3. Establish reasonable payment programs: Medical offices could actually increase their billing returns by establishing longer repayment periods with monthly minimums tied to the patient’s income. Just as student loans are set with low interest rates and low monthly payments, medical debt repayment should be affordable.
  4. Restrict the sale of debts to collections: Medical debts should not be sold to collection agencies until payment negotiations have been completed and a set amount of time has passed. Also, the use of wage garnishment, property liens and judgments for medical bill collection should be restricted.
  5. Cap medical prices for low-income patients: Healthcare providers should not collect more than the actual costs of services from patients who are low-income or uninsured. Currently, these patients often pay inflated “sticker prices” for their medical care.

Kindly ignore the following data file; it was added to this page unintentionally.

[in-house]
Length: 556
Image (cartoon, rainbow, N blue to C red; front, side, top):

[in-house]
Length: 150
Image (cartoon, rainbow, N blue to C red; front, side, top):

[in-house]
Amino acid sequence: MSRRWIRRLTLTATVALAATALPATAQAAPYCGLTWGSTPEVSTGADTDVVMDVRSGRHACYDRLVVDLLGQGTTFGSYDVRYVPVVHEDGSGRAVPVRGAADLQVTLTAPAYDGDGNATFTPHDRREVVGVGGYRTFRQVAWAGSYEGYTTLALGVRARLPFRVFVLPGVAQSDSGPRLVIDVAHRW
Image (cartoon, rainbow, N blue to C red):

6. Protect spouses from medical debts: Restrict health care providers from using common law doctrines to collect medical debts from spouses of patients, especially when these spouses are elderly or low-income.

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  • michael podobnikar

    I’m a retired physician. When a patient has a large hospital bill or Dr. bill, I suggest that they ask what the most popular HMO pays them for the same services, and ask for the same discounted fee. I think that making the uninsured make up for losses that they take from HMOs by charging the uninsured full price. is nasty. No Dr. will go hungry; but many patients will.

    • http://www.credit.com/ Credit.com Credit Experts

      Great idea — thanks for suggesting that.

    • gar

      This should actually be the rule that a hospital is required to follow.
      But instead they bill a retail price that no insurance company on the planet would even consider paying.
      There’s some nasty people working in the financial departments of hospitals these days. And they run rough shod over people with no restraints put on their behavior.

  • guest